II. The Proclamation of the Gospel
Theology’s riveting to the gospel, I have already stated, is a Protestant sensibility at the heart of Militant Grace. For Ziegler, such a riveting will not be without effect on the very nature and form of theology. To pursue a renewed accountability for the apocalyptic gospel “means undertaking to discern and inhabit forms of thought that eschew conformity with the schema of that old ‘world which is passing away’ because they seek to accord with the world graciously remade by God in Christ.” A brief sketch of what such a theology might look like is offered in the last of the six theses that conclude chapter 2. “Apocalyptic theology,” Ziegler writes, “will be a nonspeculative, concrete, and practical form of knowing.” It “will itself be a militant discourse, always on the verge of tipping over into proclamation.”
Though Ziegler acknowledges the “provisional and transitory character” of theology, one might consider whether apocalyptic theology carries a burden that it cannot bear. Can theology, which only ever occurs on “this side of the resurrection” (to borrow Barth’s repeated phrase from Der Römerbrief), ever inhabit the forms of thought in accord with the new world? Gerhard Forde, whose work is the focus of the book’s first chapter, argues that it is the mistake of Barth’s Church Dogmatics to seek to think within the logic of the new age. For Forde, this mistake is related to the blurring of the lines between the task of the theologian and the task of the preacher, a blurring of the lines which seems to be recommended in Ziegler’s view of a theology always on the verge of becoming proclamation.
According to Forde, dogmatics on this side of the eschaton cannot but be abstraction, therefore “it is proclamation, not theology, that is the end of abstraction and the beginning of concretion.” Rather than seeking to itself become proclamation, what dogmatics should do, in Forde’s view, is to realise its distinction from proclamation “and to construct itself so as to drive to and foster proper proclamation.” For “the purpose of the dogmatic enterprise . . . is to drive to proclamation as a distinct activity.”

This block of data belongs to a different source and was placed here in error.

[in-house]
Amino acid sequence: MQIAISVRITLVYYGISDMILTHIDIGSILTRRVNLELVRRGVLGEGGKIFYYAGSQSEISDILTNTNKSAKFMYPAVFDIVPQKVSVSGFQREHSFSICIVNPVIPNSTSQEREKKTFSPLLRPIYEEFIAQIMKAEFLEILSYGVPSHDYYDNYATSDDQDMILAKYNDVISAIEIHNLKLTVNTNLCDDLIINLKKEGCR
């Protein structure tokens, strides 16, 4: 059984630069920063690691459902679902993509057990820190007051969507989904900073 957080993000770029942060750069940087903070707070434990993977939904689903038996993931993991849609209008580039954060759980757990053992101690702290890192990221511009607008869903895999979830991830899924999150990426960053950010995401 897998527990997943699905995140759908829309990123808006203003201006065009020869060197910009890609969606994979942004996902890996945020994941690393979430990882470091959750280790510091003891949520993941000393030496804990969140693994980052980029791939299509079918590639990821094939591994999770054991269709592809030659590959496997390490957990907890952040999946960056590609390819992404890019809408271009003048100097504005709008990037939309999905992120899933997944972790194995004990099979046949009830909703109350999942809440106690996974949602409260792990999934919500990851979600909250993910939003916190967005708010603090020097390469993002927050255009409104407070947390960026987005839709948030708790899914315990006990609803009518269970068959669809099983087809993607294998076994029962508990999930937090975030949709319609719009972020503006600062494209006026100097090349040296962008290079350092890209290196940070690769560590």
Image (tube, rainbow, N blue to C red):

Such a view of the relationship between theology and proclamation is almost analogous to the Lutheran view of the relationship between law and gospel: theology generates problems that can only be solved in the actual coming of God in Word (and sacrament). I have suggested that Ziegler’s construal of the relationship between theology and Scripture is somewhat Lutheran in character. But does Forde’s view on theology and proclamation represent a Lutheranism too far?
Militant Grace recommends a christocentric theology that is at every turn a soteriology. This is not only a methodological recommendation, but one borne of the fact that theology’s Sitz im Leben is in the midst of God’s saving activity. The book exhibits little interest in what Bonhoeffer called “Christ in himself,” or in developing a robust account of the second person of the Trinity. If christology is at the heart of apocalyptic theology, according to Ziegler, this is because Jesus Christ names God’s “eschatological act of redemption.” It is this soteriological impulse as much as any other that fulfils Ziegler’s desire for apocalyptic theology to be both a recovery of and an advance on Protestant thought. Melanchthon’s “to know Christ is to know his benefits” is reformulated in an eschatological key, and his initial bypassing of those doctrines so vigorously disputed among the scholastics is a move implicitly recommended in Ziegler’s call in his sixth thesis for apocalyptic theology to adopt a “nonspeculative” mode of discourse.
But if this orientation to soteriology is a Protestant impulse, it is one always on the brink of being subdued. In an essay on “soteriology and the doctrine of God,” John Webster balks at the idea that Christian doctrine could be “resolved into soteriology” or even that it revolved around soteriology. For Webster, soteriology is a “derivative” doctrine, and thus any attempt to make it the centre would involve a displacement of the true centre of Christian teaching: the doctrine of God. Webster finally argues for “the subordination of soteriology to the doctrine of the Trinity,” and proposes that soteriology “requires a theological metaphysics of God in se.”